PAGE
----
Mayonaise performance for coats..
Lets see how much of this I can recall as to why Mayonaise.. LOL!
After a clip, much of the coat has been removed including the horses natural oils that are in it. The skin still contains many oils that can be lifted to whats left of the coat, but not as much as the thick coats they had before. Just as with brushing and grooming, bringing those lustering oils up, Mayonaise has many ingrediants in it that replace and enhance what has been removed and not naturally produced, safely without chemicals.
Mayonaise has ingrediants such as egg yokes and whites, which contain high levels of vitamin A+E, as well as antioxidents that in combination with the vitamin C gives that luster. The Lecithen in mayonaise keeps it emulsified which helps when applying it on the coat will help penatrate the pores in the skin and leach into the hair. That's the more scientific reason to mayonaise instead of egg applicaiton. Of course if a person researches far back, eggs have been used not only on show horses in its earliest of times, but prior to soaps being readily available, eggs were used by people as well for hair.
Taking my Sorrel, she has a neat red coat to her that I love when it really shines. After a clip it really dulls down and looses that sparkly luster it had when full. An old mentor I have said he uses Mayonaise on his prior to shows to really bring back the deep color and luster, while also giving the coat a healthy treatment. As much as I love mine, I have always dreaded using the synthetic chemicals for shows that I have. Not much in the way of options around it. So, I took his advice and tried it.. I was very impressed. It also seemed to help with the skin flaking issue myine had from all the playing outside under the summer skies. We have a dry climate out here, so it was a win-win deal when I used the mayo. Not only was I getting great results with the coat, but the skin almost seemed much more softer and pliable then before.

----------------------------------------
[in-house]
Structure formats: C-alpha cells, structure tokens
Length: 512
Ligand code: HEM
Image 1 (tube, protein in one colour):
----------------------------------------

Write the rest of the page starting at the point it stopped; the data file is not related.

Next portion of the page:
Application: I liek the glove thing.. LOL! I just dip a hand in the jar and start spreading across the coat, then work it in under a message. It gets pretty oily during the rub, which is what I want. I look to make sure I have evey inch coated nicely in that thick oil. I will put a turn-out sheet on for a couple of days, not only to prevent large amounts of dirt from acrueing, but to also keep the oils layered on thinckly. After that, its bath time. From two to three days of wearing it, there has been a huge difference.
Just my .03 worth! Cool thing about it, if a person wants to try it, its only a few dollars spent in a trial, and what ever you have left you can eat if you don't like it, LOL!
Dixon's Red Hot Ember